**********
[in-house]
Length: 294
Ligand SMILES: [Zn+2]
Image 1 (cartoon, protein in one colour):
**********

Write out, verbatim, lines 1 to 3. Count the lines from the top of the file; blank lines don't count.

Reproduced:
[in-house]
Length: 294
Ligand SMILES: [Zn+2]